To date, B&MGF has spent more time on infectious disease and education (mostly in the U.S.) and they are learning, building networks and making progress- in short, becoming effective. Should they add an additional focus, as suggested in these discussion board threads... agriculture, poverty alleviation, climate change? Or should they redouble their efforts? This decision may well rest on their analysis of whether there are enough great ideas and effective people in their existing areas of focus. And perhaps, this new money will help attract more talent to these sectors.

A final thought- while Bill and Warren have billions, their overall impact pales in comparison to the work of the millions of people that are out there contributing their more limited financial resources, hearts and minds, to whatever cause they support. Let's all keep up the good work and see how Mr. Buffet's gift impacts what we are doing.

Monday, July 17, 2006

They Just Don't Get It

From today's online NY Times:
"The world leaders at a Group of 8 summit meeting on Sunday issued a communiqué on energy policy that touched lightly on alternatives to fossil fuels, like biomass and wind power, but focused mostly on how to bring more oil to the market. "

Einstein's quote is applicable: "No problem can be solved from the same level of consciousness that created it."

Well, if you are reading this blog, you probably know my low opinion of the ability of a government to solve problems (and it is compounded by the plural- governments). Suspicions confirmed. The leaders of the free world aren't going to get us off oil. While Mr. Bush (perhaps demonstrating his earlier experiences with other substances) took the first step of admitting we are "addicted" to oil, it is clear that our governments are not ready to take any of the harder next steps to rehab.

So, it is up to us to take an inventory of our individual actions, take responsibility for our lifestyles and make decisions accordingly. Our governments aren't going to take care of it. Anyone surprised?

If you want to reduce your energy use, or carbon footprint, here are some ideas:
1) Reduce your energy use: some ideas from the EPA, National Academy of Sciences, or Al Gore.
2) Offset your carbon emissions: a list of carbon offset services
3) Buy organic or "green products" from "green companies"

Your energy usage is driven, in large part by where you live (type of home and location relative to work/errands), mode of transportation, and what you eat. If you decide you want to reduce your energy usage/eco footprint, be sensible about attacking the low hanging fruit first. What are the easy changes? Then focus on the "big impact" items that can reduce your $$ spent on energy. As with exercise or diet, setting unrealistic goals increases the chance that you and your family will "drop out". Better to set reasonable goals and achieve them!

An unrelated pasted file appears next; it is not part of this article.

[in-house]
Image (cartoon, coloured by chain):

Good luck!

There are a number of blogs on this topic- find one that suits your disposition and keep informed.

Saturday, July 08, 2006

First Visit to India

Just returned from my first trip to India. Trying to let the impressions percolate... friendly people, lots of rain, lots of work to do. Primary purpose was to visit with potential partner universities for our sustainable enterprise graduate program. Secondary purpose was to do some market research on our cookstove prototype and potential partners for Indian market.
A few impressions/thoughts below:

#1- visiting a small rural village- pretty much everyone interested in alternative energy, microfinance, entrepreneurship. A testament to the hard work of Vinod and Camilla, and evidence that entrepreneurship, microfinance and private enterprise can make an important difference for a village. For more info: and

#2- the incredibly friendly and fun folks at TLC in Nasik. Second generation entrepreneurs... the rising tide. Hungry for success and impact.

#3- the SEWA Bank in Ahmedabad. Inspiring crew!

#4- ran into Amory Lovins of Rocky Mountain Institute on the plane back to Colorado. He had some good ideas on integration of cooking/pots into stove design.

#5- visiting well known business school- very early interest in alternative energy, microfinance, entrepreneurship. I need to think about this. Is this lack of info, or lack of interest, or just the overwhelming "other opportunities" these students face?

#6- the cows. Pretty much everywhere. From prior travel, I expected the crowding, the slums, the one-eared dogs, but not the cows wandering around a city of millions.

#7- did I mention the rain? and that Mumbai, despite having had monsoons for many years, does not deal very well with the rain? Neither do the cows.

#8- despite a huge number of slums and squatters in Mumbai, the city does not seem dangerous, but instead reserved. People are friendly, get about their business, reasonably patient, but crazy drivers. Compared to other megacities I have been (Rio, San Paulo, Manila) the poverty is more mixed in, rather than segregated into neighborhoods.

Enough for now. I was impressed, and expect to return later this year to follow up on the good relationships we started.

EPILOG- The recent bombings on the trains in Mumbai... my thoughts are with the many affected by these tragic events.